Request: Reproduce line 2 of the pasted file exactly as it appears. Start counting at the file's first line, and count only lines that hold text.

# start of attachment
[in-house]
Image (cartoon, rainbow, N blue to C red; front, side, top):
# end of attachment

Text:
Image (cartoon, rainbow, N blue to C red; front, side, top):